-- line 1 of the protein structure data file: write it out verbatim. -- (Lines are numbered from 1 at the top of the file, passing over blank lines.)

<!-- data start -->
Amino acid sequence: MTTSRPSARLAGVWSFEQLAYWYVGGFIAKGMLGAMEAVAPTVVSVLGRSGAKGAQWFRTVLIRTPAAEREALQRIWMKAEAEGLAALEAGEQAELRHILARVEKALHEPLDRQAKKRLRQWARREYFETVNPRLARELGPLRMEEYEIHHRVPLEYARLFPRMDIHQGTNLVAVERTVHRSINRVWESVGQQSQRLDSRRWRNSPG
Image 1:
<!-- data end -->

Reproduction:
Amino acid sequence: MTTSRPSARLAGVWSFEQLAYWYVGGFIAKGMLGAMEAVAPTVVSVLGRSGAKGAQWFRTVLIRTPAAEREALQRIWMKAEAEGLAALEAGEQAELRHILARVEKALHEPLDRQAKKRLRQWARREYFETVNPRLARELGPLRMEEYEIHHRVPLEYARLFPRMDIHQGTNLVAVERTVHRSINRVWESVGQQSQRLDSRRWRNSPG